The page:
It sort of depends upon someone's needs.  If a company is simply trying to secure their ICA traffic and has no needs for any additional protocols/applications to be tunneled AND they have subscription advantage, then CSG fits the bill perfectly.  If they have needs for additional applications/ports to be tunneled then CAG (or an alternative SSL or IPSec VPN) becomes a contender.

Shawn
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ORIGINAL: Jeff Pitsch

Gah wish these comments had what article the user was responding too.



I'm guessing this was in response to the idea of building your own CAG in VM versus running the appliance.  I'd expect that there are very few people trying to run CAG in VM in a pure production capacity solution.  Test/Dev, etc. it makes a lot of sense, pure production it probably doesn't make sense.

Shawn
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ORIGINAL: Patrick Rouse

Jeff, do you know of any comparisons between CAG and other SSL Gateway Products, i.e. the AEP Netilla product that was shown at briForum?  Do you recommend the CAG, or is there another device that you prefer, or just use CSG?


 
I wish I did.  I was in the session with Netilla but I was only half listening so I wouldn't want to speak good or bad on that product. 
 
As with anything, you have to fit to your needs.  If all your looking for is encrypting ICA traffic, then CSG is the way to go.  If your looking for more, then CAG and/or AAC is the way to go.  There are other products out there like Aventail (sp?) that do the same things as CAG but with better client support.  CAG is currently lacking in client support (windows only client right now) and that is turning some companies off.
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ORIGINAL: Guest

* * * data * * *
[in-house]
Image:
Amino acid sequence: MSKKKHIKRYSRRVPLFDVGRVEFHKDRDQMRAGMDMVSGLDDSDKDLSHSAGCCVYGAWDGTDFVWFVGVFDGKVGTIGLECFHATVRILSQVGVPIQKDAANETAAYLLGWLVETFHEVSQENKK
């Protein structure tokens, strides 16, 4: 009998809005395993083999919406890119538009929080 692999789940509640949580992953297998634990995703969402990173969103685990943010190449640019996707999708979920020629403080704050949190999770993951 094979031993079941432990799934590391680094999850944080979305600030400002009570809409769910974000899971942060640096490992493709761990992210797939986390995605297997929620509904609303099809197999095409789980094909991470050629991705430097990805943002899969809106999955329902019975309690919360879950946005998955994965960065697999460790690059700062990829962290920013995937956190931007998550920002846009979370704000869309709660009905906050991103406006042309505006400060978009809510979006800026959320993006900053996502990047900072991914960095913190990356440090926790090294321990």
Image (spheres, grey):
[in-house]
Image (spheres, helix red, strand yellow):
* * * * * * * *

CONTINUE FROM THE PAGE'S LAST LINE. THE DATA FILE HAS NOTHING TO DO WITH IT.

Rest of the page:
Has anyone tried to use the CAG in VirtualServerR2?


Yes me, but there's the problem that you can't force the Virtual Server R2 to emulate an "e1000" ethernetadapter...
and then it comes the message "device e1000 seems not to be present, delaying eth0 initialization" and it is no netwerk available...

But maybe anyone made it...
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VMWare is a dog when it comes to perofmring high disk I/O applciations. Look at somethign like Virtuozzo from SWSoft ([link=http:  
Our overhead stays at about 3% with Virtuozzo even on Exchange, Oracle and CRM. We couldn't get lower than about 15-20% with ESX.
 
Of course we always have to address the licnese agreements :)
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sdfsdf sdf dsfsdf
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nahh..come on...nightmare installing a modem on Ubuntu?!
 
It's not that hard ;-)
 
 
ORIGINAL: Guest

I have long thought that this would be the real world space that Linux would be moving into.  Ever tried to install a modem on to Ubuntu?  It's a nightmare.  However the application which Citrix has works fantastically well because the hardware is standard and the image pre-configured.

HP's Linux based thin client spring to mind.

Sean
SA